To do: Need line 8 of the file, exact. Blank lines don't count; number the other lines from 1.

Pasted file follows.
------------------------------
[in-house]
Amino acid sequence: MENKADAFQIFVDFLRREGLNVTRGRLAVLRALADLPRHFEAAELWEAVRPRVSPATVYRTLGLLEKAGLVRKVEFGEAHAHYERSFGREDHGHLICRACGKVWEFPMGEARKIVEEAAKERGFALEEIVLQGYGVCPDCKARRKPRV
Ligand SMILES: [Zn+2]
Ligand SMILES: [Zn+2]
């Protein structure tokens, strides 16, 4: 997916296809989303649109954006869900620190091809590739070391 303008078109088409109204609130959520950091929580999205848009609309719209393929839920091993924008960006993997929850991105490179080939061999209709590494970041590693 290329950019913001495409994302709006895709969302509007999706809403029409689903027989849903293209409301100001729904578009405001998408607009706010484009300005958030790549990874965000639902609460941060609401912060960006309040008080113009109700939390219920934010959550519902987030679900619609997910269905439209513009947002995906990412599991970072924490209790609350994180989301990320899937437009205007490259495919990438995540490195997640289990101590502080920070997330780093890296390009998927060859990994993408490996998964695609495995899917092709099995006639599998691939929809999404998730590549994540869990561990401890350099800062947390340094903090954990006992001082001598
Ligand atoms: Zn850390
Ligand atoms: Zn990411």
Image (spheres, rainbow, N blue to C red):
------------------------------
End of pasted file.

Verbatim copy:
Image (spheres, rainbow, N blue to C red):